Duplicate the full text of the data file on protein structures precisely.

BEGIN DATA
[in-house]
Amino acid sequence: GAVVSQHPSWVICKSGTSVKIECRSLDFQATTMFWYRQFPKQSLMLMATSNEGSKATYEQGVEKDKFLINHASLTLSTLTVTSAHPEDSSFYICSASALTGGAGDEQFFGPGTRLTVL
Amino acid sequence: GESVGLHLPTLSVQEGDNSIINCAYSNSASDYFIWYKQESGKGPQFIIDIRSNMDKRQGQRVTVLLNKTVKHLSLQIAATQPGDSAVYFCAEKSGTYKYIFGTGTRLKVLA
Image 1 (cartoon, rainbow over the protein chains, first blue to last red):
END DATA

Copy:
[in-house]
Amino acid sequence: GAVVSQHPSWVICKSGTSVKIECRSLDFQATTMFWYRQFPKQSLMLMATSNEGSKATYEQGVEKDKFLINHASLTLSTLTVTSAHPEDSSFYICSASALTGGAGDEQFFGPGTRLTVL
Amino acid sequence: GESVGLHLPTLSVQEGDNSIINCAYSNSASDYFIWYKQESGKGPQFIIDIRSNMDKRQGQRVTVLLNKTVKHLSLQIAATQPGDSAVYFCAEKSGTYKYIFGTGTRLKVLA
Image 1 (cartoon, rainbow over the protein chains, first blue to last red):